"We wanted to move the country to the new generation in which the internet is in the school and knowledge can be accessed from everywhere," says Ahmed Garib al Hadi, a teacher with the ministry of education in Oman. But the ministry had a problem. In addition to internet access, the schools needed a uniform e-mail system to link teachers, administrators, students and parents. Its research showed that creating its own IT infrastructure to support e-mail and internet access would be prohibitively expensive. It also looked at working with third parties but costs were still a concern, as was the restriction of limited storage space offered by vendors.
"The local internet service provider could only offer 30 megabytes of storage per e-mail account," says Sultan al Wadhahi, the head of the educational portal system at the ministry. In the end it selected Microsoft's Live@edu, a free hosting service for primary, secondary and higher education that provides staff and students with long-term primary e-mail addresses and other services. The ministry began by providing the service to teachers and administrators before extending it to more than 500,000 students. Each e-mail address can store 10 gigabytes of data, several times the usual allocation for e-mail boxes.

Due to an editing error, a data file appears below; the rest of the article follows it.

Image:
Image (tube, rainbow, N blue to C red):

Oman is also taking advantage of other elements of the Live@edu suite of products including Windows Live SkyDrive, a file storage service that provides each user with 25 gigabytes of storage. "We deployed Live@edu as a means for facilitating the collaboration between schools and educational zones," says Mr al Wadhahi. "Our people now have the ability to communicate and interact with each other using Live@edu to exchange ideas and share their knowledge, skills, and experience.
"This is such an improvement over the previous situation where perhaps only 10 per cent of our teachers had e-mail or were able to use the Web." The system enables seamless communication between teachers and parents. Where teachers once had to summon parents to discuss a particular pupil's needs, they can now ensure that parents are included in an information loop that includes everyone connected with the child's education.